At Juilliard's 107th commencement, on May 25 in Alice Tully Hall, playwright Athol Fugard will address the class of 2012. Fugard, actor James Earl Jones, and choreographer Peter Martins will receive honorary Doctor of Fine Arts degrees; singer Nancy Wilson and conductor William Christie will receive honorary Doctor of Music degrees; and authors Steven Naifeh and Gregory White Smith will receive honorary Doctor of Humane Letters degrees.
Playwright, director, novelist, and actor Athol Fugard was born in South Africa and is well-known for his plays about the apartheid era, among them The Road to Mecca (1984), which received its Broadway premiere by the Roundabout Theater Company in January; My Children! My Africa! (1989), which was performed at Juilliard this year by fourth-year drama students; and the Tony-nominated Blood Knot (1961/1987), which Fugard directed earlier this year at New York City's Signature Theater. He received a Lifetime Achievement Tony Award in 2011.
Fugard's numerous film directing, acting, and writing credits include The Road to Mecca,Gandhi, The Killing Fields, Meetings With Remarkable Men, Marigolds in August,Boesman and Lena, The Guest, and Totsi, which he adapted from his novel of the same name and which won the best foreign film Oscar in 2006. He has been a visiting professor at Indiana and Oxford universities and is currently an adjunct professor for playwriting, acting, and directing at the University of California, San Diego. The recipient of the South African government's Order of Ikhamanga in Silver in 2005 for his contributions to and achievements in theater, he is an honorary fellow of London's Royal Society of Literature.
Early-music specialist and founder of the period-instrument ensemble Les Arts Florissants, William Christie is known in the Juilliard community as the godfather of the Historical Performance program, which he helped conceptualize and get off the ground. Since 2008, he has worked extensively with Juilliard students in annual master classes, rehearsals, and performances; these residencies served as a precursor to the formation of Historical Performance, in 2009.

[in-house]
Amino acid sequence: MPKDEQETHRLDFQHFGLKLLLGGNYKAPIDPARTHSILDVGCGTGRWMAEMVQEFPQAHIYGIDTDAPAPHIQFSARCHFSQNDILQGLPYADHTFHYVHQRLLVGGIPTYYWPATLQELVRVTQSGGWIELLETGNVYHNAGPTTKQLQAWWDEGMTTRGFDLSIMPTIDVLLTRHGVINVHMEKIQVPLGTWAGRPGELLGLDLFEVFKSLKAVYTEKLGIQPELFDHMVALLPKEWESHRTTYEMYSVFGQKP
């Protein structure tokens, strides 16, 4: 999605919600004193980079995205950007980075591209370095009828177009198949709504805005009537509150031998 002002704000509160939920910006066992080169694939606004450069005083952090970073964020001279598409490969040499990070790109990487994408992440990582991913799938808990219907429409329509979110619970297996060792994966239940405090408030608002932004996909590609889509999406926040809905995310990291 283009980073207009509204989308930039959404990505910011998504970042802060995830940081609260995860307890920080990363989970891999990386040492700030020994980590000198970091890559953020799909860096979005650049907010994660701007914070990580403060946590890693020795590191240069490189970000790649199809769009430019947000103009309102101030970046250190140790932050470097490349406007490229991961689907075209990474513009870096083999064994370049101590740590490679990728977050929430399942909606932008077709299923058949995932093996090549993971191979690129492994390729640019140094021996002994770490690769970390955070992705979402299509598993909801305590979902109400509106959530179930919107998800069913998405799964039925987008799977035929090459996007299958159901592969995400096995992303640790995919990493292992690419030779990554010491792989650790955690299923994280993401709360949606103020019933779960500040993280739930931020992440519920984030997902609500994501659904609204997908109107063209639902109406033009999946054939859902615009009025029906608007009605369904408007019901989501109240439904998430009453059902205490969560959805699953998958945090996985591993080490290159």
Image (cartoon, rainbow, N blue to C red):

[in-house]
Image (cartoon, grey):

An alumnus of Harvard and Yale, Christie has been a pioneer of 17th- and 18th-century French repertoire. In 1979, he founded Les Arts Florissants, through which he has made a mark with new interpretations of largely neglected or forgotten repertoire. Major public recognition came in 1987 with the production of Lully's Atys at the Opéra Comique in Paris, which then went on to tour internationally.
Christie's work in opera includes collaborations with directors Jean-Marie Villégier, Robert Carsen, Alfredo Arias, Jorge Lavelli, Graham Vick, Adrian Noble, Andrei Serban, and Luc Bondy. As a guest conductor, Christie has regular engagements with the Berlin Philharmonic, the Orchestra of the Age of Enlightenment, the Metropolitan Opera, and the Opéra National de Lyon. His commitment to work in education has been made evident by his 13-year tenure as professor at the Paris Conservatoire and, of course, his frequent residencies at Juilliard. Born in Buffalo, Christie has resided in France since 1971.
Danish-born Peter Martins is one of today's most influential choreographers. He is the ballet master in chief for the New York City Ballet, artistic director and chairman of faculty of the School of American Ballet, and a co-founder of the New York Choreographic Institute. His association with New York City Ballet began in 1967, when he was invited to dance the title role in George Balanchine's Apollo during the company's appearance at the Edinburgh Festival. In 1970, he joined the company as a principal dancer, and became ballet master in 1981. Two years later, following the death of Balanchine, Martins served as co-ballet master in chief with Jerome Robbins, assuming sole directorship of the company in 1989. His honors include having been made a knight of the First Order of Dannebrog by Queen Margrethe II of Denmark in 1983.
Martins has created more than 80 ballets, including productions of The Sleeping Beauty, Swan Lake, and Romeo and Juliet, set to music by composers as diverse as Beethoven, Tchaikovsky, Leonard Bernstein, Michael Torke, and Stravinsky. Martins has also commissioned scores from such composers as 2011 honorary degree recipient John Adams, Wynton Marsalis ('81, trumpet), Paul McCartney, faculty member Christopher Rouse, Charles Wuorinen, and Esa-Pekka Salonen. In 2004, Juilliard dancers performed the premiere of Café Music by Martins in Juilliard's "Classified Jazz" gala.
Martins launched his New York Choreographic Institute in 2000 with Juilliard benefactor (and 1992 honorary doctorate recipient) Irene Diamond. It provides rare opportunities for choreographers to work with New York City Ballet dancers and Juilliard composition students. To date, 80 choreographers have participated in the institute's 27 sessions.